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TED2013

Eric Berlow and Sean Gourley: Mapping ideas worth spreading

エリック・バーロウとショーン・ゴーリー: 広げる価値のあるアイデアの地図作り

February 28, 2013

2万4千ものアイデアとはどんなものでしょうか。生態学者のエリック・バーローと物理学者のショーン・ゴーリーは、世界中のTEDxトークの記録にアルゴリズムを適用し、アイデアの地図を私たちに示しながら、アイデアがどのようにグローバルに繋がっているのかを示します。

Sean Gourley - Physicist and military theorist
Sean Gourley, trained as a physicist, has turned his scientific mind to analyzing data about a messier topic: modern war and conflict. He is a TED Fellow. Full bio

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Double-click the English subtitles below to play the video.
Eric Berlow: I'm an ecologist, and Sean's a physicist,
エリック・バーロウ:私は生態学者で
ショーンは物理学者です
00:12
and we both study complex networks.
私達は複雑なネットワークを
研究しています
00:15
And we met a couple years ago when we discovered
私たちが数年前出会った時
2人共 戦争の生態について
00:17
that we had both given a short TED Talk
私たちが数年前出会った時
2人共 戦争の生態について
00:19
about the ecology of war,
TEDで話した事を知り
00:21
and we realized that we were connected
会う前から同じ考えで
00:23
by the ideas we shared before we ever met.
通じ合っている事が解りました
00:25
And then we thought, you know, there are thousands
TEDxもそうですが
00:27
of other talks out there, especially TEDx Talks,
世界中に何千もの
00:29
that are popping up all over the world.
トークメディアが出現していますが
00:31
How are they connected,
それ等の繋がりや
00:33
and what does that global conversation look like?
グローバルな会話とは
どんなものでしょう
00:34
So Sean's going to tell you a little bit about how we did that.
ショーンが私たちの研究を
簡単にお話しします
00:36
Sean Gourley: Exactly. So we took 24,000 TEDx Talks
ショーン・ゴーリー:
2万4千ものTEDxトークを
00:39
from around the world, 147 different countries,
147カ国から集めました
00:43
and we took these talks and we wanted to find
そして これらのトークの背景にある
00:46
the mathematical structures that underly
潜在的なアイデアの
数学的構造を見つけ
00:48
the ideas behind them.
潜在的なアイデアの
数学的構造を見つけ
00:50
And we wanted to do that so we could see how
それ等のトークがどうお互い
00:52
they connected with each other.
繋がり合っているのか
知りたかったのです
00:53
And so, of course, if you're going to do this kind of stuff,
勿論 それには
00:55
you need a lot of data.
多くのデータが必要です
00:57
So the data that you've got is a great thing called YouTube,
その素晴らしいデーターとは
YouTubeです
00:58
and we can go down and basically pull
基本的にYouTubeから
公開情報を取り出す事が出来ます
01:02
all the open information from YouTube,
基本的にYouTubeから
公開情報を取り出す事が出来ます
01:03
all the comments, all the views, who's watching it,
コメントや再生回数
どこで誰が見ているか
01:06
where are they watching it, what are they saying in the comments.
コメントの内容も解ります
01:08
But we can also pull up, using speech-to-text translation,
その上 音声テキスト変換を使い
01:11
we can pull the entire transcript,
トークの原稿全体を
取り出す事が出来ます
01:14
and that works even for people with kind of funny accents like myself.
私の様な訛のあっても
大丈夫です
01:16
So we can take their transcript
そんな原稿を取り出し
01:19
and actually do some pretty cool things.
すごい事が出来るのです
01:21
We can take natural language processing algorithms
自然言語処理アルゴリズムをつかって
01:23
to kind of read through with a computer, line by line,
鍵となる考えを一行ごとに
01:25
extracting key concepts from this.
コンピュータで読み込みます
01:28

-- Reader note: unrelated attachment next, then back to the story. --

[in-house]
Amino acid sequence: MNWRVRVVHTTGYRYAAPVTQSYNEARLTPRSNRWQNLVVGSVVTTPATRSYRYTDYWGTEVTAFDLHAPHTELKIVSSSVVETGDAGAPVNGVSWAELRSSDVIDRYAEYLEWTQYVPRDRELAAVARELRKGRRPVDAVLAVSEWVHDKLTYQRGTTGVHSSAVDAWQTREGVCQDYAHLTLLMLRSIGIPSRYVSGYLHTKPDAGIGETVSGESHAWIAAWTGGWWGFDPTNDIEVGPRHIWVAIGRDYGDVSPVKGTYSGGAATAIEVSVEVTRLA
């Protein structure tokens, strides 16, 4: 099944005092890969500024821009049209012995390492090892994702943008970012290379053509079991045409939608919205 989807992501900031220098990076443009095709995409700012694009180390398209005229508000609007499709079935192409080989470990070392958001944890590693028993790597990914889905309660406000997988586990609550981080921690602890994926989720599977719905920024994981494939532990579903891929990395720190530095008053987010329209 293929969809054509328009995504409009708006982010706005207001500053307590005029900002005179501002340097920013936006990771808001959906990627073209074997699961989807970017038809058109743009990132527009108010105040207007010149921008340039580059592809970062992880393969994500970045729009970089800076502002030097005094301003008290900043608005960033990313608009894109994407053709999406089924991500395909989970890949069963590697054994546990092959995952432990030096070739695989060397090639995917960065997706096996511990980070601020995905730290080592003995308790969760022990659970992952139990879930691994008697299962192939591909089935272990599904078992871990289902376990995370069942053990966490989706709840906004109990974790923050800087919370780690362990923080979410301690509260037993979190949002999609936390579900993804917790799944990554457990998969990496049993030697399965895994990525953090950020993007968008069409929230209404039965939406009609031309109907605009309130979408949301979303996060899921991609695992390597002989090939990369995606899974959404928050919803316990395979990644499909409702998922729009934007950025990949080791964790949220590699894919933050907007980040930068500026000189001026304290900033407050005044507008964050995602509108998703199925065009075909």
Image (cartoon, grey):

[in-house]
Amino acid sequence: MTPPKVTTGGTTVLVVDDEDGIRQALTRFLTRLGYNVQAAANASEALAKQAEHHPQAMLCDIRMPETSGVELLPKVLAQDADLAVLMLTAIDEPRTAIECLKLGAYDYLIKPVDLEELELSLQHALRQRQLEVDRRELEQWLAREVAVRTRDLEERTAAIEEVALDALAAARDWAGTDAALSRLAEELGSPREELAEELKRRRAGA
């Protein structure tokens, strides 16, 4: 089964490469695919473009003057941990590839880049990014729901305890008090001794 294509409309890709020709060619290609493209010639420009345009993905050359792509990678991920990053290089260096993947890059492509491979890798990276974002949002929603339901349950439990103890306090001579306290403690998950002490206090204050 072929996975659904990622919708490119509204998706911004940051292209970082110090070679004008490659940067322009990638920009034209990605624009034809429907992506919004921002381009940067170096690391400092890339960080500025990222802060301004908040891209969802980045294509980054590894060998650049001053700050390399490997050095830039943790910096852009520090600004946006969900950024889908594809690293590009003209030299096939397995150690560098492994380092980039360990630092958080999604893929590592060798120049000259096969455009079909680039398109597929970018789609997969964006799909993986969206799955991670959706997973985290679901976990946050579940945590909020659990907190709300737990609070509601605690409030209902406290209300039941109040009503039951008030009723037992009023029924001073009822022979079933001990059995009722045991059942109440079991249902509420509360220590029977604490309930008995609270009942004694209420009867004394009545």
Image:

And we take those key concepts and they sort of form
そして鍵となるコンセプトを取り出し
01:30
this mathematical structure of an idea.
アイデアの数学的構造の様な形にします
01:33
And we call that the meme-ome.
それを私達は「ミーモム」と呼びます
01:36
And the meme-ome, you know, quite simply,
「ミーモム」は簡単に言うと
01:38
is the mathematics that underlies an idea,
あるアイデアが元になった数学なのです
01:40
and we can do some pretty interesting analysis with it,
これを使って
とても面白い分析ができます
01:43
which I want to share with you now.
それをここでお見せしたいのです
01:44
So each idea has its own meme-ome,
1つ1つのアイデアに
「ミーモム」があり
01:46
and each idea is unique with that,
それはそれぞれユニークですが
01:49
but of course, ideas, they borrow from each other,
勿論お互いアイデアを借り合い
01:51
they kind of steal sometimes,
時にはアイデアを盗んだり
01:53
and they certainly build on each other,
確かに相互関係にあります
01:54
and we can go through mathematically
そこで数学的に
01:56
and take the meme-ome from one talk
一つのトークから「ミーモム」をとり
01:58
and compare it to the meme-ome from every other talk,
他の個々のトークから
取ったものと比べます
02:00
and if there's a similarity between the two of them,
もし類似点があれば
02:02
we can create a link and represent that as a graph,
リンクで繋ぎ
グラフに表します
02:04
just like Eric and I are connected.
私とエリックが
繋がった様にです
02:07
So that's theory, that's great.
それが理論です それでは
02:10
Let's see how it works in actual practice.
実際にどんな働きをするのか
見てみましょう
02:11
So what we've got here now is the global footprint
ここにあるのは過去4年間の
02:14
of all the TEDx Talks over the last four years
TEDxトークの足跡です
02:16
exploding out around the world
世界中に爆発的に広がってます
02:19
from New York all the way down to little old New Zealand in the corner.
ニューヨークから
ずっとニュージーランドまで
02:20
And what we did on this is we analyzed the top 25 percent of these,
これらのトップ25%を分析し
02:24
and we started to see where the connections occurred,
その繋がりの起点から
02:27
where they connected with each other.
見ていきました
02:30
Cameron Russell talking about image and beauty
イメージと美について話している
キャメロンとラッセルは
02:31
connected over into Europe.
ヨーロッパで繋がりました
02:33
We've got a bigger conversation about Israel and Palestine
会話は中東の話から発し
イスラエルとパレスチナの
02:35
radiating outwards from the Middle East.
にぎやかな会話に広がりました
02:37
And we've got something a little broader
そしてもう少し一般的な
雑談とも思えるような
02:40
like big data with a truly global footprint
そしてもう少し一般的な
雑談とも思えるような
02:41
reminiscent of a conversation
ビッグデータ的な
ものも得られました
02:43
that is happening everywhere.
真にグローバルな軌跡です
02:45
So from this, we kind of run up against the limits
ここで私達がぶつかったのは
02:47
of what we can actually do with a geographic projection,
地図的表現の限界です
02:49